Ministry of Power

India prepares for a change in Electricity sector through Proposed Electricity (Amendment) Bill 2020

Posted On: 25 JUN 2020 4:21PM by PIB Delhi

Shri R. K Singh, the Minister of State (i/c) for Power & MNRE , today, held a Press Meet through Video Conferencing and underlined the importance of proposed reforms in the power sector, dispelling doubts and misinformation. He stated that the reforms are steps in the direction of making the sector consumer centric as we are all here to serve them. Shri Singh said,  “ We are not taking away any powers of States in appointment of members and chairpersons of State Electricity Regulatory Commissions (SERCs), and the proposed reforms are aimed at promoting more transparency."

While giving clarity on electricity tariff fixation, the Union Power Minister stated that the powers of tariff fixation remains with SERCs. He emphasised that proposed power reforms are aimed at introducing transparency and accountability to protect the interest of consumers and ensuring healthy growth of the power sector. He also mentioned that there is no restrictions on States for providing subsidy as  States can give as much subsidy as they want but they must pay it upfront through Direct Benefit Transfer(DBT) so that Discoms remain healthy and are able to maintain and improve distribution infrastructure like transformers and distribution lines, pay for power purchased and are able to provide quality electricity to the people.

It may be stated that Electricity is one of the most critical components of infrastructure which is essential for sustained growth of the economy of the country. While we have made significant improvements in the electricity generation and transmission segments, the distribution segment, having achieved 100% village electrification and near-universal access to electricity, is beset with problems of operational inefficiencies, liquidity, and financial solvency. In this regard Ministry of Power had prepared a draft proposal for Amendments in Electricity Act 2003 in the form of draft Electricity (Amendment) Bill 2020 with the following broad objectives –

•           Ensure consumer centricity

•           Promote Ease of Doing Business

•           Enhance sustainability of the power sector

•           Promote green power

However, some canards and misconceptions are being spread regarding some of the proposed amendments to the Electricity Act. It is important to place the correct position pertaining to them.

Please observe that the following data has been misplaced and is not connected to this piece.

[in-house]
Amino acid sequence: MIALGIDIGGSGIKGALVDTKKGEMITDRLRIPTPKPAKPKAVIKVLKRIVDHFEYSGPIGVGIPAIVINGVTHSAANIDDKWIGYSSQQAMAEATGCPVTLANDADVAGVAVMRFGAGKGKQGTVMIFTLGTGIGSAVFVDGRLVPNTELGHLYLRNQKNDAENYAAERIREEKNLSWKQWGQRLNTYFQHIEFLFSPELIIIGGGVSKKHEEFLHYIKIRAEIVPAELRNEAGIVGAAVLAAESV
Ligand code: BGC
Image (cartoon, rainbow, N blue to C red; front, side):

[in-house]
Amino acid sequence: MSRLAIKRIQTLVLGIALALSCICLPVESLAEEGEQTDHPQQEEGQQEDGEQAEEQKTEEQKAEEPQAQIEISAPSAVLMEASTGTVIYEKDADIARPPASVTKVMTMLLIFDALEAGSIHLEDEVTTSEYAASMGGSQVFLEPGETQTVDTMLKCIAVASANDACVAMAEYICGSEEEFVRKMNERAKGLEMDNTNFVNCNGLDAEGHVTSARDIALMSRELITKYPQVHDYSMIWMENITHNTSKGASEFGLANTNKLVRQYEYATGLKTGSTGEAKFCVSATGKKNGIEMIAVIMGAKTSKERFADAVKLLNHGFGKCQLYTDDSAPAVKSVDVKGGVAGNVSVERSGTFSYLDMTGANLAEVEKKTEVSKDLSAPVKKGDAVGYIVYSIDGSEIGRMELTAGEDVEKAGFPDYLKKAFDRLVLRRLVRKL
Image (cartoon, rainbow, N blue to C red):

Misconception 1: Transfer the power of appointment to SERCs from State to Central Government

There is no proposal to take away the power of appointment of Members/Chairpersons of State Electricity Regulatory Commissions from the State Governments. As per the draft circulated the appointments of Members/Chairpersons of the State Electricity Regulatory Commissions will continue to be made by the State Governments. The Selection Committee currently has equal number of members from the Central and State Government – one member from Central Government and one from State Government. The proposed Selection Committee in the draft Bill also has equal number of members from the Central and State Governments as earlier. The only difference is that instead of the of the Selection Committee being presided over by a retired Judge of the High Court, it is proposed that the committee be headed by a sitting Judge of the Supreme Court.  Instead of multiplicity of Selection Committees, there be one Selection Committee for drawing up of panels for the vacancies in the Central Electricity Regulatory Commission and State Electricity Regulatory Commissions.  The appointments will continue to be made by Central Government for the Central Electricity Regulatory Commission and by the State Governments for the State Electricity Regulatory Commissions as before. The reason for this proposed amendment was that currently every State had to constitute a separate Selection Committee for each fresh vacancy and this took time.  In some cases the time taken for appointment was up to 2 years leading to disruption of work of the Regulatory Commission. Regulatory Commissions are the fulcrum around which the Power sector revolves. Delay were deleterious for the various stake holders such as consumers, Discoms, and generators etc.  However, based on the suggestions received, the Central Government is now considering to continue with the existing separate Selection Committees for each state – but make them Standing Selection Committees so that there is no need for constituting them afresh every time a vacancy occurs. The Selection Committee will continue to have equal number of members from the State and Central Governments, as earlier with the only difference that it will now proposed to be presided by the Chief Justice of the High Court of the state.

Misconception 2: DBT is against the interests of consumers

Another misconception is that the proposed provisions for introducing the system of Direct Benefit Transfer (DBT) of subsidies is inimical to the interest of the consumers especially the farmers. It has been argued that if the State Government is not able to pay the subsidies on time, the electricity supply to the consumers may get disconnected.   This is baseless. As per Section 65, of the Electricity Act, 2003, the State Government is required to pay the amount of subsidy in advance to the distribution companies. The subsidy is now being proposed to be given into the account of the consumers maintained by the Distribution Companies through DBT.  It is being provided in the new Tariff Policy that the electricity supply shall not be discontinued even if the State Government is unable to pay the subsidy in time or even if the State Government fails to pay the subsidy for 3 to 4 months. Therefore, the consumer's interest will be duly protected. It is, of course, expected that the State Government pay the subsidy in advance to the DISCOM/consumers as provided for in the law. It may be noted that the Direct Benefit Transfer will be beneficial for both the State Governments and as well as Distribution Companies. It will be beneficial for the State Government because it will ensure that the subsidy reaches the people who are actually entitled and the State Government gets clear accounts of the amount given as subsidy. It will benefit the distribution company by making sure that the subsidies due are received as per the number of beneficiaries.  It may be noted that Government of India have implemented Direct Benefit Transfer for 419 Schemes pertaining to 56 Ministries with cumulative savings of Rs. 1.70 lac crore.